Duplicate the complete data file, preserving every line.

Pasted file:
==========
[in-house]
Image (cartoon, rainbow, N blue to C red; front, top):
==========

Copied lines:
[in-house]
Image (cartoon, rainbow, N blue to C red; front, top):